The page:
"Edwina's insides were a rocky place where my seed could find no purchase." Screens outdoors as part of the NW Film Center's Top Down: Rooftop Cinema series. Hotel deLuxe.
A monthly series "showing vintage and contemporary films that are obscure, neglected, and from the fringe." This month: Death Race 2000. Hollywood Theatre.
The Secret Life of Pets
DID YOU KNOW: The full trailer for Universal's latest family film was the first movie advertisement to feature an animated rabbit blowing a tiny hailstorm of pelleted shit from its fuzzy hindquarters to the freshly befouled floor? So far as potential replacements for the record scratch cliché goes, it has its charms. There's also a whole movie from which this landmark moment was dislodged, but we did not review it: Once you've seen Kevin Hart as a rabbit literally defecating all over a theater screen, no further critical assessment is necessary. Either you (and your kids) are into that sort of thing, or you're not. Various Theaters.
At a time when promising directors are swallowed up by the remorseless blockbuster machine, there's something admirable about a filmmaker like Jaume Collet-Serra (Non-Stop, Run All Night), who's seemingly content to stay a rung or two down on the respectability ladder and continue refining his chops. The Shallows, Collet-Serra's new screamer, may not be his best work—that honor still falls to the wonderfully sick Orphan—but its single-minded devotion to getting viewers to grip their armrests is really something to see, as an erstwhile med student (Blake Lively) heads to a remote beach to catch some solo waves—only to discover that the water isn't as empty as she thought. (Okay, you've seen the trailer, it's a huge freaking shark.) ANDREW WRIGHT Various Theaters.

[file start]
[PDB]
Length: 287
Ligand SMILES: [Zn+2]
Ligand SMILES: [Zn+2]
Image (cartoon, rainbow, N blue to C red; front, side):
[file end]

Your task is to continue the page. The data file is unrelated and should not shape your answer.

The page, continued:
Swiss Army Man
If you want your dreams to be weird for the rest of your life, see Swiss Army Man, directed by Dan Kwan and Daniel Scheinert, and starring Daniel Radcliffe and Paul Dano. Radcliffe, working hard to quash your beloved associations of Harry Potter, portrays a farting corpse—a farting corpse that serves as a companion, prop, and man Friday to Dano's very sad young bearded man. The exploits that follow are distasteful enough that I fully anticipate theater walkouts, but I'm glad I was trapped by professional obligation—because if I'd walked out, I would have missed one of the most touching love stories I've seen onscreen in recent memory. I wish I could explain this—how a movie that is in many ways unwatchable becomes so ineffably heartwarming—but I can't. MEGAN BURBANK Various Theaters.